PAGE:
Study shows that a single neuron’s parallel outputs can coordinate many aspects of behavior
A new MIT study funded by the U.S. National Science Foundation focuses on a single cell in one of nature’s simplest nervous systems. It provides an in-depth illustration of how individual neurons can use multiple means to drive complex behaviors.
In the C. elegans worm, which only has 302 nerve cells, a single neuron named HSN uses multiple chemicals and connections to orchestrate egg-laying and locomotion over the course of several minutes.
HSN releases several chemicals and makes multiple connections along its length, not only to control egg-laying and locomotion, but to then slow down the worm for several minutes after the eggs are laid. For the latter phase of this behavior, HSN transfers the neurotransmitter serotonin to a fellow neuron, which re-releases the neurotransmitter to influence behavior minutes later.
"Our results reveal that a single neuron can influence many behaviors over multiple timescales and show that neurons can 'borrow' serotonin from one another to control behavior," the researchers write in Current Biology. The study’s senior author is Steven Flavell.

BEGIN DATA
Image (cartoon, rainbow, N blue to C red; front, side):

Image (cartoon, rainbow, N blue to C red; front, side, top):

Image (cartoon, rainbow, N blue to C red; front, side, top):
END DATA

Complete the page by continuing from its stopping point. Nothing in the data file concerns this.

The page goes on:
How this single neuron has seemingly paradoxical effects on behavior, the speeding up for egg-laying, then slowing down afterward, was a mystery. Flavell’s team discovered that HSN uses parallel neurotransmitter outputs in different ways to control the animal’s behavior.
"The finding that neurons can take up and re-release serotonin produced by other neurons to control behavior reveals a novel feature of serotonin signaling that could have important medical implications," Flavell said. The molecule that takes up serotonin, SERT/MOD-5, is the target of serotonin-specific re-uptake inhibitors (SSRIs) like Prozac. This study raises the possibility that SSRIs may influence how neurons share serotonin with each other, which could be relevant for their mode of action in treating psychiatric disorders.